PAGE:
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NATIONAL INDIAN GAMING ASSOCIATION AND ASSOCIATION ON AMERICAN INDIAN AFFAIRS FILES FCC COMPLAINT AGAINST DONALD TRUMP, NEW YORK RADIO STATION

 -- Cites Racial Slurs Against Native and African American --
 WASHINGTON, July 19 /PRNewswire/ -- The National Indian Gaming Association (NIGA) and the Association on American Indian Affairs (AAIA) today filed a formal complaint with the Federal Communications Commission (FCC) against radio station WFAN-AM for obscene racial slurs against Native Americans and African Americans made by Donald Trump and WFAN host Donald Imus.
 The comments were made on June 18, 1993 during an interview with Donald Trump on WFAN-AM talk show, "Imus in the Morning."
 During the interview, which focused on Trump's campaign against Indian gaming, host Don Imus referred to native Americans as "drunken injuns," and suggested that persons of mixed Native American and African American ancestry who looked "like Michael Jordan" should not be recognized as members of Indian tribes.
 Trump referred to Indian tribes as "all chiefs and no Indians," and mocked tribal citizenship by suggesting that he "would perhaps become Indian myself."
 The two also ridiculed the legitimacy of tribal governments and tribal ceremonies.
 "Such comments can not and will not be tolerated," said Timothy Wapato, executive director of NIGA. "MR. Trump's attack on our sovereignty and the integrity of our gaming operations is part of a concerted effort by commercial gambling barons to destroy the only successful economic development tool that has ever worked on Indian reservations."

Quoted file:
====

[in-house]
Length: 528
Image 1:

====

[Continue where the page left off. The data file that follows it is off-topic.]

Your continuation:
Trump said on the program that " a lot of the reservations are being, in some people's opinion, at least to a certain extent, run by organized crime and organized crime elements, as you can imagine."
 "Trump has no evidence of organized crime on reservations because there is none. This is McCarthyism and racism at its worst. It is outrageous and unfounded," Wapato said.
 Sen. Daniel Inouye, D-Hawaii, chair of the Senate Select Committee on Indian Affairs, read segments of a transcript of the interview into the Congressional Record and said the interview contained misinformation about tribal gaming issues.
 NIGA and AAIA are asking the FCC to consider the comments when WFAN- AM's license is up for renewal and warn the station that such comments may lead to fines up to $10,000 and a prison term of up to two years.
 -0- 7/19/93
 /CONTACT: Timothy Wapato of National Indian Gaming Association, 202-546-7711/


CO: National Indian Gaming Association ST: District of Columbia IN: CNO SU:

TM -- NY098 -- 3327 07/19/93 20:56 EDT
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Date:Jul 19, 1993
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